Reviews > Books
Birth of a Nation by Aaron McGruder and Reginald Hudlin with illustrations by Kyle Baker

The point of this story is less the plausibility of a city's secession than the implication of downtrodden people wielding the tools of transnational capitalism.

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13 Jul 2004 // 12:00 AM

Being Jordan: My Autobiography by Katie Price

Whenever she goes out partying with friends she plays the part of Jordan; she meets men as Jordan, and, in a form of identity striptease, gradually reveals the Katie Price.

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American Whiskey Bar by Michael Turner

Notwithstanding the $5,000, I'm afraid that Klaus 9 might get ticked off if I reveal too much.

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7 Jul 2004 // 12:00 AM

Sweet Land Stories by E. L. Doctorow

Grand statements, Doctorow seems to suggest, can be covered up and conspired away, but smaller, more personal defiances can carry much more weight.

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How the Light Gets In by M.J. Hyland

Lou's fondness for smokes and booze is just one indication Hyland gives that her protagonist is struggling with Repressed Teen Syndrome.

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7 Jul 2004 // 12:00 AM

Dog on the Cross by Aaron Gwyn

Gwyn sees language as 'a window into an imaginative space,' but he also believes that it is a 'virus . . . that enters us and reconfigures us in some fundamental way.'

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Becoming a Tiger: How Baby Animals Learn to Live in the Wild by Susan McCarthy

There's a reason a critter should be born knowing everything and having to learn nothing. Brains are expensive organs to maintain.

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Surrealist Art and Thought in the 1930s: Art, Politics and the Psyche by Steven Harris

The co-option of the movement into modern mass culture is overwhelming, a testament to its genuinely threatening force.

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So You Wanna Be a Rock & Roll Star: How I Machine-Gunned a Roomful of Record Executives and Other Tr

Slichter seems to have cleverly rewritten his material in the apparent hope that it can be used as a textbook by burgeoning young stars to slip past the Simon Cowells of the music world.

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Peace Kills: America’s Fun New Imperialism by P.J. O’Rourke

O'Rourke does more than simply visit these places, he goes out of his way to finding understanding in them, to find common ground. It's a commitment few understand and are willing to indulge in.

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29 Jun 2004 // 12:00 AM

Natasha: And Other Stories by David Bezmozgis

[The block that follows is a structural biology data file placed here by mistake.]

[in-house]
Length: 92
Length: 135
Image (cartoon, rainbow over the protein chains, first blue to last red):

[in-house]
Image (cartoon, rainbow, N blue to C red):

Bezmozgis is undeniably a promising young writer, but now, only 147 pages into his career, he could not be called the new Roth, the new Malamud, or even the new Jhumpa Lahiri.

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So Long Been Dreaming: Postcolonial Science Fiction and Fantasy by Nalo Hopkinson and Uppinder Mehan

We cannot reverse the effects of colonization: exploration alters not only the colonized, 'discovered' people but the explorer.

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The Hollywood Dodo by Geoff Nicholson

The Hollywood Dodo itself is a film script, a mechanical reproduction of the extinct bird, a few corpses, fragments of a novel -- in fact a multitude of interlinked things.

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22 Jun 2004 // 12:00 AM

Going East by Matthew d’Ancona

Even if Mia acts and dresses like she is working class, she will never be working class. In the end, Mia hasn't changed; her evolution is superficial.

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22 Jun 2004 // 12:00 AM

The Bad Guys Won by Jeff Pearlman

If the bad guys won, then maybe the good guys lost, and that's certainly true in Bill Buckner's case.

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Severed: The True Story of the Black Dahlia by John Gilmore

Elizabeth Short exists now as an image, the victim of what Gilmore calls 'crime as a spectacular act'.

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Grab Bag / The Haunted Hillbilly by Derek McCormack

No wonder there's a skeleton on the front cover. The story is entirely bare bones.

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Fashion Under Fascism: Beyond the Black Shirt by Eugenia Paulicelli

The Fascists took up the fashion industry cause as part of their agenda of managing cultural expressions of nation, class and gender in the construction of a New Italy.

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The Schooling of Claybird Catts by Janis Owens

Coming of age plots haven't gone out of style -- the term has. There's got to be a better phrase: Grow up or shut up. Reality excursions. Maturity madness.

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8 Jun 2004 // 12:00 AM

Stranger Than Fiction: True Stories by Chuck Palahniuk

Once you've looked at people on a close enough level, you can't pretend to believe in normality any longer.

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